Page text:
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Capital: The Life Blood of any Business
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Capital: The Life Blood of any Business

By Brett Melson Wednesday, June 16, 2010

Capital is the life blood of any business. A business needs capital to launch and later to grow its operations by hiring additional staff, developing new products or services and expanding its marketing efforts, among other things. This is the first of a series of posts we intend to publish that will provide an overview of the laws and regulations that govern the sale of stock or debt instruments in order to raise capital.

A business can obtain capital through borrowing, such as a bank loan, or it can issue securities. These securities could be equity securities, which provide an interest in the gains and losses of the business or debt securities, which provide a fixed or variable rate of interest upon a principal amount for a fixed term, or they could be instruments that combine features of debt and equity, such as preferred stock or convertible securities.

Most small businesses raise capital through what are called private offerings. Private offerings are exempt from the registration and complex disclosure requirements of public offerings. The regulations governing private offerings, however, place various restrictions on the offer and sale, which can include limitations on the amount that can be raised, restrictions on advertising or public solicitations and/or net worth and financial sophistication requirements prospective purchasers must meet. In the coming weeks we will focus on the following exemptions, and may address related topics in the future:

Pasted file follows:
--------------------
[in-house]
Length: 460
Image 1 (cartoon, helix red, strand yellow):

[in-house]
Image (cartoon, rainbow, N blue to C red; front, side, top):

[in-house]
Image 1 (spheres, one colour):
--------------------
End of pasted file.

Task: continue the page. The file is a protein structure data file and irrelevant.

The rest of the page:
• Part 1: Small offerings of up to $1 million; these offerings are exempt from most federal regulation, but are subject to state regulations on required filings and manner of conducting the offer and sale.
  • Part 2: Offerings up to $5 million made to no more than 35 investors; these offerings are subject to restrictions on the manner in which the offering can be advertised but are exempt from most state regulation.
  • Part 3: Offerings with no maximum amount made to “accredited investors” (meaning investors meeting certain sophistication and net worth requirements) and no more than 35 unaccredited investors; these offerings are subject to restrictions on the manner in which the offering can be advertised but are exempt from nearly all state requirements.

Although fund raising is an integral part of growing a business, it is heavily regulated by both state securities agencies and federal agencies such as the Securities and Exchange Commission (SEC). The discussion in the coming posts addressing offerings of securities are not intended as legal advice, and a business owner considering raising capital should consult with an attorney. The penalties for failing to comply with state and federal regulations in offering and selling securities can be severe. An offering that does not comply with applicable regulations can lead to a right of rescission on the part of the buyer (meaning a return of the invested amount) as well as monetary penalties for the offeror. In addition, any material false or misleading statements or omissions made in offering securities can give rise to liability for fraud under state and federal law, with penalties ranging from civil monetary penalties to imprisonment.

So, before you go looking for angels, find out everything you can about the devils.

More By Brett Melson


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